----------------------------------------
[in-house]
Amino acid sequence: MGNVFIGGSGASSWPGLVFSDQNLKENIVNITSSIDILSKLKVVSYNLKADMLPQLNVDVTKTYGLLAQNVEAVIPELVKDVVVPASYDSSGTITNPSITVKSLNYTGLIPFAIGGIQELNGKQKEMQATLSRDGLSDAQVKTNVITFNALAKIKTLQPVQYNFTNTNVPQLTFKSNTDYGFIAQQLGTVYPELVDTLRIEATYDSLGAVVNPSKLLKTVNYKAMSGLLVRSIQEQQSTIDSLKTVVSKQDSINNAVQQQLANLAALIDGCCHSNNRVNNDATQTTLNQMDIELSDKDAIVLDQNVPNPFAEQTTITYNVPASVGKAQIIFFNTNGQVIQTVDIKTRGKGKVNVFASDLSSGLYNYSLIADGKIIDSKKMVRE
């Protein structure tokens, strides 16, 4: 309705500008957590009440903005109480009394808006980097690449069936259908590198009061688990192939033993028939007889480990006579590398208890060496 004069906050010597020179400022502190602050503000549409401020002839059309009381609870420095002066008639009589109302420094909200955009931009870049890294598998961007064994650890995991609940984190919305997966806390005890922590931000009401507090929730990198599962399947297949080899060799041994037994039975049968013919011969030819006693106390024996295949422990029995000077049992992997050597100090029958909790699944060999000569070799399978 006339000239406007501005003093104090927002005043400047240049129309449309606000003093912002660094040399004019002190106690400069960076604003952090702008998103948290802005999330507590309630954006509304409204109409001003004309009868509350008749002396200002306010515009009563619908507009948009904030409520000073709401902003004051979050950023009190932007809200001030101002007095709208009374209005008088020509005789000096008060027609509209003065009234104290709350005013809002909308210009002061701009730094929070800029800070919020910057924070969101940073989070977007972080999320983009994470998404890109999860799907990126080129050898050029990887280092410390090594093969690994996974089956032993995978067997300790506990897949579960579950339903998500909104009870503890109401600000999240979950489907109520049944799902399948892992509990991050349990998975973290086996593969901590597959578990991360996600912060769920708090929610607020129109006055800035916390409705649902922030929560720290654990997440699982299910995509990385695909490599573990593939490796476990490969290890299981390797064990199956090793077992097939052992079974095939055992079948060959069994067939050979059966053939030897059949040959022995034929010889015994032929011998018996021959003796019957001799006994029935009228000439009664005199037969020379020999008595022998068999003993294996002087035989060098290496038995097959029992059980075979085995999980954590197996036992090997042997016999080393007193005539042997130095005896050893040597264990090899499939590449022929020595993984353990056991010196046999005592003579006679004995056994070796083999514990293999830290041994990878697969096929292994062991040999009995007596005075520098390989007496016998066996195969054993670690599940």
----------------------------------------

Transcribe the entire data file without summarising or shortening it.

[in-house]
Amino acid sequence: MGNVFIGGSGASSWPGLVFSDQNLKENIVNITSSIDILSKLKVVSYNLKADMLPQLNVDVTKTYGLLAQNVEAVIPELVKDVVVPASYDSSGTITNPSITVKSLNYTGLIPFAIGGIQELNGKQKEMQATLSRDGLSDAQVKTNVITFNALAKIKTLQPVQYNFTNTNVPQLTFKSNTDYGFIAQQLGTVYPELVDTLRIEATYDSLGAVVNPSKLLKTVNYKAMSGLLVRSIQEQQSTIDSLKTVVSKQDSINNAVQQQLANLAALIDGCCHSNNRVNNDATQTTLNQMDIELSDKDAIVLDQNVPNPFAEQTTITYNVPASVGKAQIIFFNTNGQVIQTVDIKTRGKGKVNVFASDLSSGLYNYSLIADGKIIDSKKMVRE
């Protein structure tokens, strides 16, 4: 309705500008957590009440903005109480009394808006980097690449069936259908590198009061688990192939033993028939007889480990006579590398208890060496 004069906050010597020179400022502190602050503000549409401020002839059309009381609870420095002066008639009589109302420094909200955009931009870049890294598998961007064994650890995991609940984190919305997966806390005890922590931000009401507090929730990198599962399947297949080899060799041994037994039975049968013919011969030819006693106390024996295949422990029995000077049992992997050597100090029958909790699944060999000569070799399978 006339000239406007501005003093104090927002005043400047240049129309449309606000003093912002660094040399004019002190106690400069960076604003952090702008998103948290802005999330507590309630954006509304409204109409001003004309009868509350008749002396200002306010515009009563619908507009948009904030409520000073709401902003004051979050950023009190932007809200001030101002007095709208009374209005008088020509005789000096008060027609509209003065009234104290709350005013809002909308210009002061701009730094929070800029800070919020910057924070969101940073989070977007972080999320983009994470998404890109999860799907990126080129050898050029990887280092410390090594093969690994996974089956032993995978067997300790506990897949579960579950339903998500909104009870503890109401600000999240979950489907109520049944799902399948892992509990991050349990998975973290086996593969901590597959578990991360996600912060769920708090929610607020129109006055800035916390409705649902922030929560720290654990997440699982299910995509990385695909490599573990593939490796476990490969290890299981390797064990199956090793077992097939052992079974095939055992079948060959069994067939050979059966053939030897059949040959022995034929010889015994032929011998018996021959003796019957001799006994029935009228000439009664005199037969020379020999008595022998068999003993294996002087035989060098290496038995097959029992059980075979085995999980954590197996036992090997042997016999080393007193005539042997130095005896050893040597264990090899499939590449022929020595993984353990056991010196046999005592003579006679004995056994070796083999514990293999830290041994990878697969096929292994062991040999009995007596005075520098390989007496016998066996195969054993670690599940």